SmartPhone Use and Market Share


Update (2011-08-02)

The Guardian has produced excellent new analysis on trends in the mobile device space as of Q2 2011:

Overview

SmartPhone use has expanded hugely in the past few years, spurred by the launch in 2008 of the iPhone App Store and subsequent rival phones such as Google’s Android and Microsoft’s Windows Phone 7.

However, when budgets are limited, web product owners can face a daunting task of deciding which SmartPhone device to support first. With market share changing so rapidly, this can be a difficult decision. The problem is further compounded by different SmartPhone use in different regions, so a US market might get an iPhone app, whereas a Russian market might get a Nokia app, and so on.

We’ve pulled together some statistics on SmartPhone use to help with these kinds of choices.

Visualisation

The excellent StatCounter website (gs.statcounter.com) provides a suite of useful tools for analysis of web use, including web browsing on mobile devices. This clearly cannot account for native app use, but it seems unlikely that the figures for mobile browsing are vastly different from what would be shown if native app data were available.

For example, we ran the “mobile browser” report for 2010-2011, and then plotted the results:

Relative market share for Smartphones 2010-2011
Relative market share for Smartphones 2010-2011

Here we can clearly see that, after a shaky start, the Android platform is doing very well, largely at the expense of Blackberry and perhaps iOS (iPhone/iPad devices). The curve for Symbian is interesting, as it appears to be retaining its market share, perhaps as its browser improves.

Geographical Differences

Different regions have different patterns of use. In the US, for instance, Blackberry is much more popular than in the the world as a whole, at least as determined by sales:

Gartner Canalys
OS Units (2010) Share % Units (Q4 2010) Share %
Symbian 111576.7 37.6 31000.0 30.6
Android 67224.5 22.7 33300.0 32.9
RiM 47451.6 16.0 14600.0 14.4
iOS 46598.3 15.7 16200.0 16.0
Windows 12378.2 4.2 3100.0 3.1
Other 11417.4 3.8 3000.0 3.0
TOTAL 296646.7 100 101200.0 100
SmartPhone sales worldwide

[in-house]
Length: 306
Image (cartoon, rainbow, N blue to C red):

Comscore Nielsen
OS Total Share (%) Sales Q4 ’10 (%)
Symbian 2
Android 31.2 29.0
RiM 30.4 27.0
iOS 24.7 27.0
Windows 8.0 10.0
Other 5.7 5.0
TOTAL 100
SmartPhone sales in the USA

However, the picture in the UK is different still, with Android extremely strong:

OS Sales Dec ’10 – Feb ’11 (%)
Android 37.4
RiM 23.3
iOS 22
Other 17.3
TOTAL 100
Smartphone sales in the UK

The picture becomes more confused still when we analyse the different mobile devices across adjacent European countries:

iOS (%) Symbian (%) Android (%) RiM (%) Windows Phone (%)
DE 57.95 7.71 23.09 0.62 1.07
FR 63.66 5.20 20.95 2.13 0.63
IT 47.84 27.39 12.74 1.35 0.69
UK 40.27 3.99 13.28 38.08 0.28
USA 39.01 1.52 31.83 20.66 0.53
Worldwide 24.38 30.61 15.80 14.10 0.28
Mobile OS web usage in March 2011

There are huge differences between Germany (DE), France (FR), Italy (IT) and UK, with Blackberry very popular in the UK, but almost unused in France, Italy and Germany.

Conclusion

If your budget for mobile apps is limited, you should choose a SmartPhone type which is popular within the region or country of your market. Android and iPhone are strong across all markets, but Symbian (Nokia), RiM (Blackberry) and Windows Phone have variable market penetration.

The relative market share of each platform is likely to be very volatile, however, so it’s wise to review the trends every quarter and reassess your mobile strategy.

(Thanks to Chris Jennings for help with the statistics.)

References

[1] Gartner: http://www.gartner.com/it/page.jsp?id=1543014

[2] Canalys: http://www.canalys.com/pr/2011/r2011013.html

[3] Nielsen: http://blog.nielsen.com/nielsenwire/online_mobile/who-is-winning-the-u-s-smartphone-battle

[4] http://www.kantarworldpanel.com/#/News/news-list/Android-dominates-the-smartphone-market

[5] ¬†StatCounter: http://gs.statcounter.com/#mobile_browser-ww-monthly-201103-201103-bar” This information was obtained under a Creative Commons license.

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